Last Wednesday, the cops who killed Breonna Taylor got away with murder. 

It’s not lost on me that the announcement that only one cop would be charged — with “wanton endangerment” for shooting into neighbors’ apartments and not Taylor herself  — came out on the 65th anniversary of the day Emmett Till’s murderers were declared not guilty. I saw the posts on social media, with the photos of Till and Taylor held up together to remind Black Americans that nothing has changed. Sixty-five years and Black Americans still have our lives taken from us while our murderers live out theirs. In this country, Black lives don’t matter; not to the health care system and certainly not to policing bodies across the nation.

But certainly, Black deaths do. 

In the age of social media and the Internet at large, visuals of Black people both dead and dying seem to be readily available. A quick Google search of the video of George Floyd’s murder warrants upward of 8.3 million results, 8.3 million ways to watch a man die a horrific death over a “counterfeit” $20 bill. The worst part? Floyd isn’t the first Black victim of police brutality to have his final moments filmed and broadcasted for the world to see. One of the first instances of police brutality to ever be caught on camera caused enough outrage to spark the 1992 Los Angeles Uprising, and the victim, Rodney King, survived.

The ones who would follow wouldn’t be so lucky. In 2014, we watched Eric Garner die in a chokehold on Staten Island, N.Y. Two years later, it was Alton Sterling being shot point-blank in Baton Rouge, La. and Philando Castile in St. Paul, Minn.

These videos are posted, reposted, retweeted and saved over and over; but why? Raising awareness and sparking outrage appear to be the biggest reasons. It’s necessary, some insist, to make sure this irrefutable proof of the violence of policing bodies is seen by as many people as possible. Without these videos, they cry, how will the world know of this horrible evil that has only plagued our country since the advent of the camera capable of recording film?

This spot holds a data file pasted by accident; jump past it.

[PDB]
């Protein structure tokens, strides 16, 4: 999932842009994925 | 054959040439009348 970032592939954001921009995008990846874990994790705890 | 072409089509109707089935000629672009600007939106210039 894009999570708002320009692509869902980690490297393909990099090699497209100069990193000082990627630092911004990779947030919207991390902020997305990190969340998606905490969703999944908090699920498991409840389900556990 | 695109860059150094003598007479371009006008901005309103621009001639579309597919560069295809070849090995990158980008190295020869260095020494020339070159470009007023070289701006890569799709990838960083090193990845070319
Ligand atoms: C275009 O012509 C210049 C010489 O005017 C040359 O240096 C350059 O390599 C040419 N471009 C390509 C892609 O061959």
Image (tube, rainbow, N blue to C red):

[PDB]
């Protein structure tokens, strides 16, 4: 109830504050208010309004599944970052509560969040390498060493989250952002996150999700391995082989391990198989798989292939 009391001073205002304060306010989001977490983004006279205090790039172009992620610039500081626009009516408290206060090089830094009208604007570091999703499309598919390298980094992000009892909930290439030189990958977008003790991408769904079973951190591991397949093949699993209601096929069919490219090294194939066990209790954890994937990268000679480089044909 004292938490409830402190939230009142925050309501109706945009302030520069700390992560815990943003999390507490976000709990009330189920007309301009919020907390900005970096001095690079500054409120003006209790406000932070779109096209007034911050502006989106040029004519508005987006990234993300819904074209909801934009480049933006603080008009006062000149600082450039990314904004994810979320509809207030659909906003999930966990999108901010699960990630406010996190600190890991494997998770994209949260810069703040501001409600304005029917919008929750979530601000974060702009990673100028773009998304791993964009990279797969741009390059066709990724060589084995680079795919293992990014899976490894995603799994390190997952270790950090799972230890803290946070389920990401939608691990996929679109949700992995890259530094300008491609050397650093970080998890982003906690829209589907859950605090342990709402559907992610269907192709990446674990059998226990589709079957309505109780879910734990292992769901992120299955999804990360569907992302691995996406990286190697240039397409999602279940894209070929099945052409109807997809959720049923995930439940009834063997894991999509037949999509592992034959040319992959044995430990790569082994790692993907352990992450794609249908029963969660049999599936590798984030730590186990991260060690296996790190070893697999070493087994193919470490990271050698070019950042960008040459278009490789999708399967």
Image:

In their choice to utilize —and in some instances, capitalize off of — Black deaths to potentially raise awareness and spark outrage, well-meaning social media activists are perpetuating the same violence against Black people that led to the gruesome events caught on tape with no reward. We have 30 years of visuals of Black deaths at the hands of the police, do we really need more of it?

Char Adams, a reporter who focuses on race, gender and identity issues, argues that we’ve gained nothing from all of this. These pictures and videos haven’t gotten us any closer to ending police brutality. Floyd was still suffocated to death despite the viral status of the Garner, Sterling and Castile videos. Jacob Blake was still shot by police in Kenosha, Wis., which is only a five-hour drive away from where Floyd was murdered three months before. The circulation of the Floyd video didn’t stop Kenosha police officers from shooting Blake in the back seven times.

So Black deaths, posted on Instagram, Twitter, Facebook and elsewhere, are not going to save us. To share or repost these videos, especially without warning, is to perpetuate the same anti-Black violence that is put on full display. It’s traumatizing especially for young Black Americans, who must watch someone who could be our brother/sister/mother/father/aunt/uncle/cousin or even us suffer for the whole world to see. It’s traumatizing to see that white America can ignore decades of Black Americans’ dismal relationship with the police, only paying attention once our suffering is put on gruesome display. 

We have no videos of Taylor’s death and some could say the three officers of the Louisville Metropolitan Police Department won’t face charges for her death because we cannot see what Taylor did as they stormed into her apartment. What we do have, however, is the continued consumption of Black deaths. Taylor’s name became a war cry, demanding the immediate arrest of the officers who took her life. Now? It’s a meme, and not a single one of the three officers involved have been arrested for her death over six months later. 

Taylor was an emergency room technician and an aspiring nurse. She was someone’s daughter, someone’s cousin, someone’s best friend. Now she’s a quirky caption for Riverdale stars to use on their risqué Instagram posts and the name of a convention where she barely appears on the promotional flyer. All of it done in the name of raising awareness and provoking outrage for Taylor’s benefit, but Taylor is still dead and the three officers have only faced consequences for damaging plaster walls.  

Taylor, Floyd and countless other victims of police brutality are given T-shirts before they are given justice and that’s tiring. I’m tired of watching people who look like me, who could be me being killed with no repercussions for their killers. I’m tired of watching their deaths on loop just for nothing to happen. 

And for our sake, I hope you are, too.

Jordan Hunter can be reached at jhunterr@umich.edu.  

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